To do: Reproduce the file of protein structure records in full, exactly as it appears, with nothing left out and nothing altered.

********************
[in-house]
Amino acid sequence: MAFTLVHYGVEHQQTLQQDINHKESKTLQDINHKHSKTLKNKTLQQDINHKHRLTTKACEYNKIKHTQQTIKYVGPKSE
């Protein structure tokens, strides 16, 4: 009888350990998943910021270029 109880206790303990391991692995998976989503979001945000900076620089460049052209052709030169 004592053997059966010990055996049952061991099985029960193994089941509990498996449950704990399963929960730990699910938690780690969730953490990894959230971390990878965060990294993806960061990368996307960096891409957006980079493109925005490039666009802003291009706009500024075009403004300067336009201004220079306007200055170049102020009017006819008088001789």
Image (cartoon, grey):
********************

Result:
[in-house]
Amino acid sequence: MAFTLVHYGVEHQQTLQQDINHKESKTLQDINHKHSKTLKNKTLQQDINHKHRLTTKACEYNKIKHTQQTIKYVGPKSE
């Protein structure tokens, strides 16, 4: 009888350990998943910021270029 109880206790303990391991692995998976989503979001945000900076620089460049052209052709030169 004592053997059966010990055996049952061991099985029960193994089941509990498996449950704990399963929960730990699910938690780690969730953490990894959230971390990878965060990294993806960061990368996307960096891409957006980079493109925005490039666009802003291009706009500024075009403004300067336009201004220079306007200055170049102020009017006819008088001789």
Image (cartoon, grey):